Process Modeling

Process Modeling
Business requirements are defined and documented in the analysis phase. On many
projects, the requirements can be easily uncovered, written down, and agreed to. Then,
off to design and construction we go. On larger projects, however, gathering
requirements is not always so easy. Understanding business requirements can be difficult,
especially if they involve the complexities associated with modeling enterprise wide
processes. Process modeling is a technique for understanding, defining, and precisely
representing underlying business processes.
Let’s assume that you have already used a variety of techniques to gather business
requirements. You've found out that a lot of what the business stakeholders describe are
not requirements at all. Instead, much of what you have been told represents business
facts, opinions, misunderstandings of how things work, and general unrelated rambling.
The purpose of process modeling is to take all of these statements from various
individuals and put them together to precisely and accurately define the business
process—either as it exists today or as it should exist in the future. The business process
does exist, but it takes skilled hands and minds to precisely describe it on paper.
Start general
All processes have input, some actions that transform the input, and an output or result.
When doing process modeling, first look for the high-level series of related activities that
represent one logical process. Give this process a descriptive name, usually in the form of
a noun. For instance, there may be a series of activities that describe a process called
“Sales Order.” The process itself can be described in terms of a business definition,
frequency of occurrence, relative importance, and so on.
Look for events
Events are occurrences that cause a process to be initiated. The event may be external to
the company or to the department that is performing the process. The event may also be
time-based. For instance, many financial processes are triggered by the closing of the
financial period on a monthly and yearly basis. If it looks like a process is triggered by
the completion of another process that is internal to the company or to the group, it is
likely that the process you are looking at is part of a larger process and not one that stands
on its own.
Fill in the details
After you have described the general process and identified the event that triggers it, you
can fill in the underlying activities. Look for all of the detailed activities you uncovered
that describe portions of the process. Some may be at a higher summary level than others.
Start laying out the underlying activities in order, based on what happens first, second,
third, etc. Each of these activities should be action-oriented and are usually described in
phrases beginning with a verb. This is not too much different than when you create the
network diagram for the workplan. In some cases, activities can be done in parallel. In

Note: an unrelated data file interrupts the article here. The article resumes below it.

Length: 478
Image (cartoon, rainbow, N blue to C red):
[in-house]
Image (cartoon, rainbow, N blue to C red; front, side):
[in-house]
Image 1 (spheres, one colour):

other cases, one activity must wait until another activity is completed. If you find that an
activity is expressed at a summary level, it should be broken down into its more
fundamental components.
Just as you collected some information at the process level, so you will also want to
capture some basic information about each activity. This might include a short definition
of the activity, who does it today, how long it takes, and any deliverables used or created.
Validate and rationalize the model
After you complete the initial process modeling pass, you should review the entire
process to validate its accuracy. When you describe the underlying activities at the basic
component level, it is likely that gaps will be identified and errors uncovered. For
instance, you may have an activity that relies on an input, but your process does not show
where the input comes from. Likewise, when the customers view the entire process, they
may see activities that are missing. As new information is uncovered, you should modify
the details, adding new activities where necessary.
The process model is a representation of a business process, so the customer and/or
sponsor should formally approve it to ensure that it is correct.
Here are some key points to remember.
Process modeling is used to precisely represent complex business processes that
would be difficult to understand based on the business requirements alone.
All business processes should have a unique name.
All business processes have an event that kicks them off.
The potentially difficult part of process modeling is in understanding and
representing all the underlying basic work activities that make up the general
process, including how they relate to each other to make up the process.
Process modeling tools are valuable because they capture all the detail and point
out process errors and discrepancies. Most of them can also generate a
diagrammatic representation of the process that is much easier to understand than
looking at all of the details as straight text.